There are a majority of adult-skewing movies opening this weekend that were poised to perform poorly, even if there weren’t any concerns about the pandemic.
However, there are two bright spots to be thankful for: Disney/20th Century Studios’ Free Guy is holding up significantly better than expected, bound for an estimated $17.2M, easing an amazing -39%, after a second $5.2M Friday, -50% for what will be a 10-day total of $57.2M.
Meanwhile, Paramount and Spinmaster’s little kid pic Paw Patrol is coming in better than expected, even with a day-and-date drop on Paramount+, with $4.5M yesterday, for what’s looking to be a $13.5M weekend at 3,184 theaters. The movie was originally expected to file in the high single digits. Out of the new stuff, the animated feature based on the TV series has the best CinemaScore with an A- and great reviews at 84% certified fresh. The most immediate comp here due to being a day-and-date animated pic is The Boss Baby: Family Business which debuted to $16M in theaters and on Universal’s 54M subscriber streaming service Peacock. Paw Patrol, we hear, is not booked at Regal Cinemas due to its day-and-date availability on Paramount+. That’s a hard decision in this day and age for an exhibitor not to meet terms with a studio. The pandemic continues, and with that dynamic window experimentation. We hear the parent-kid turnout was 74% last night.
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Despite the positive news at the box office, major studios are taking precautions with family films in the immediate fall schedule as the delta variant prevails, and kids under 12 not vaccinated. Last night, MGM decided to go day-and-date theatrical and on PVOD with their highly anticipated sequel The Addams Family 2 after holding strong against Sony for the first weekend of October after the Culver City lot moved Hotel Transylvania 4 onto that date. In the end, Sony decided to go into talks with Amazon to license the fourthquel to the streaming service, in a deal that’s being estimated at $100M. I hear that most theaters, which are enforcing the vax card policy in New Orleans, San Francisco and NYC; are allowing kids under 12 in as long as they’re wearing a mask, with of course, a vaccinated parent.
More great exits for Paw Patrol: Screen Engine/Comscore’s PostTrak registered audiences who gave the canine cartoon 81% positive and a 67% recommend with kids under 12 praising it at 98% positive and 78% recommend. Moms led the way at 62% female, 42% between 24-44, and 43% under 17 years old. Diversity demos were 35% Latino, 32% White, 13% Black, 10% Asian/other. Best markets for Paw Patrol were in the mid and South-west as well as Canada which we hear is overindexing.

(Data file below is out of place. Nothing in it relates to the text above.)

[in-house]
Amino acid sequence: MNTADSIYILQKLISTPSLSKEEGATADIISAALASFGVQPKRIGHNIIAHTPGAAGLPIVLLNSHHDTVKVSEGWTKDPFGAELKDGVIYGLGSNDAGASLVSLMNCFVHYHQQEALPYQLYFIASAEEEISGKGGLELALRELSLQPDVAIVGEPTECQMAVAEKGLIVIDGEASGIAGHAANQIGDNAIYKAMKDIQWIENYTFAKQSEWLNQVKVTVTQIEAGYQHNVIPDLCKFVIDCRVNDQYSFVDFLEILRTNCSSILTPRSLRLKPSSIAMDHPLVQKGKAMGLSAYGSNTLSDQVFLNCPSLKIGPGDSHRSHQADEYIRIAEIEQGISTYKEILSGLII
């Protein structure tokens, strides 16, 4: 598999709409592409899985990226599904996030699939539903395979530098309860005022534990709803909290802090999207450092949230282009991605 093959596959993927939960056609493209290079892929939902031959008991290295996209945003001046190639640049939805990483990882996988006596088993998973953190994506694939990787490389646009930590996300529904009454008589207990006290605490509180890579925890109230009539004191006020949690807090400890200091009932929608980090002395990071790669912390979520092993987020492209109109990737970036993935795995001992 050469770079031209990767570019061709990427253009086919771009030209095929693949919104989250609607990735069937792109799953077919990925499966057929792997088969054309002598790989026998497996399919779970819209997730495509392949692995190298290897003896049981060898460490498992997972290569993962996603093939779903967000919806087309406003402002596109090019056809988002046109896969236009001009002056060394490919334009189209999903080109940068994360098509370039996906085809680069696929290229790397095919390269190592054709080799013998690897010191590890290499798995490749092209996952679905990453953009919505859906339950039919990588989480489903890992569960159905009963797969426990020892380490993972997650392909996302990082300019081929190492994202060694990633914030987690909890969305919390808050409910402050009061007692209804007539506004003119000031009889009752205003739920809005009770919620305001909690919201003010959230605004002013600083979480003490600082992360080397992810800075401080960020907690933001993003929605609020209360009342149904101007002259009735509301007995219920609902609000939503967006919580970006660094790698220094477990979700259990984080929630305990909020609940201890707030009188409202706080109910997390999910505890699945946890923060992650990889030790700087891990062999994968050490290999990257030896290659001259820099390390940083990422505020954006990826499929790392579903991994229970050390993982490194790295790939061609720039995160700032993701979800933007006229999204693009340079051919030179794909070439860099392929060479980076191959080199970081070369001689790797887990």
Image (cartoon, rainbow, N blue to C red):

According to Market Insights firm EntTelligence, while Free Guy is dominating the box office, Paw Patrol‘s impressions aren’t far behind thanks to a lot of afternoon shows with an average ticket price of $10.28 compared to $12.90 for the Reynolds movie. The projected attendance for Paw Patrol will be close to 1.3M and Free Guy will be just north of that. EntTelligence uses proprietary technology, machine learning and movie-goer analysis which includes on-site ticket price verification to create its metrics and insights.
All the new stuff is dead weight toward the bottom of the top 10 chart and you can see that in their audience exits, i.e. Lionsgate’s The Protege ($1.1M Friday, $2.76M 3-day, B), Searchlight’s The Night House ($1M Friday, $2.57M 3-day, C-) and Warner Bros.’ Hugh Jackman future romance noir Reminiscence (also on HBO Max) (estimated $666K Friday, $1.93M 3-day, C+). Again, don’t blame the vax card policy, blame the product. The vax card policy is there for moviegoers to feel more comfortable.
How many times have we seen this femme action shoot-em-up movie before? The Protege‘s weekend is under Lionsgate’s Luc Besson’s female assassin movie Anna which tanked pre-pandemic with a $3.6M start and finaled at $7.7M domestic. Protege stars Maggie Q, Michael Keaton and Samuel L. Jackson and is directed by Martin Campbell, and despite OK critics score of 61% fresh, saw a blasé audience recommendation of 51% recommend despite notching an 80% positive score. Older guys turned out at 63%, 83% over 25 with slightly more than half of the pic’s ticket buyers falling between 25-44 years old. Diversity demos were 46% Caucasian, 17% Latino, 26% Black and 11% Asian/other. Most notable markets were the West and South.
Night House, despite having great reviews of 84% certified fresh on Rotten Tomatoes, divided audiences genre audiences given that it’s an arthouse horror pic; two tastes which rarely go together. Postrak is low here with 64% positive, 38% recommend. Those who dared to show up were 52% males, 62% over 25, and 70% between 18-34. Diversity mix was 51% Caucasian, 23% Latino, 11% Black, 15% Asian/other. Lackluster results on the coasts and in the South here for the Rebecca Hall movie. Searchlight shelled out $12M for Night House at Sundance 2020. Still, it’s product for the arthouse.
Reminiscence is another star adult-geared drama from Warner Bros. to wilt this year after Angelina Jolie’s Those Who Wish Me Dead ($2.8M opening, $7.3M final). Two things here with Warner: They had the foresight to notice that the pandemic would last this long with their HBO Max theatrical plan, but also the concern going forward is whether they take some of these risky adult titles either day-and-date on the service, or over a short theatrical window. This despite their commitment to a 45-day theatrical window next year. Audiences didn’t get the package, which Warners snapped up at auction out of Berlin, at 67% positive, 41% recommend. 57% guys, 74% over 25, and 63% between 18-34. Diversity demos were 57% Caucasian, 19% Latino, 11% Black, 13% Asian/other. The most activity the movie saw was in the West and South-east.
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